Apartment

South Seattle apartment building secures funds to stay affordable

A South Seattle apartment building will remain affordable for decades after a successful community fundraising effort.

The non-profit organization working to buy the Arches apartments on Rainier Avenue South says it secured the funds needed to keep rents below market rates. Among the donations: a $2 million grant from Amazon.

Arches Apartments went on sale this spring after the building’s longtime owner passed away. Residents who relied on below-market apartment rents feared a new landlord would raise prices, forcing them out of their neighborhood. A local non-profit organization rushed to raise funds to purchase the building. The Southeast Seattle Senior Foundation secured a short-term loan for the purchase, but still needed to raise enough down payment to keep monthly loan payments low and avoid rent hikes.

Now, “property is safe at affordable rates,” said executive director Curtis Brown.

The fundraising effort raised nearly $400,000 in donations from members of the public, the Norcliffe Foundation, the Windermere Foundation, 1st Security Bank, two real estate agents who represented the Southeast Seattle Senior Foundation and d others, Brown said.

Amazon learned of the effort from a Seattle Times article in May, a spokesperson said. The company’s $2 million donation is part of its $2 billion Housing Equity Fund, which provides loans and grants for projects in the Seattle, Washington, DC and Nashville areas.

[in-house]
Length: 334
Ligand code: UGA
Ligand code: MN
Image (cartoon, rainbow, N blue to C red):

The grant “reflects our long-term commitment to help solve the housing crisis in the Puget Sound area,” Catherine Buell, director of Amazon’s housing fund, said in a statement.

Throughout Amazon’s massive growth in Seattle, residents, activists and local elected officials have criticized the company for helping to drive up housing costs with an influx of high-paying jobs and resistance to some municipal tax efforts. “This is the partnership our office hopes to see more of with Amazon,” Seattle City Council member Tammy Morales, who represents South Seattle, said in a statement.

The nonprofit’s deal with Amazon requires units to remain affordable for 99 years, some for people earning 60% of the region’s median income or less ($69,900 for a family of three) and others for those earning 80% of the region’s median income ($85,800 for a family of three). Rent increases will not exceed 3% per year, Brown said.

The group is now turning its attention to other plans in the neighborhood, including hopes for an affordable condo project to enable homeownership.

“It’s not the end,” Brown said. “This is the start of a long project.


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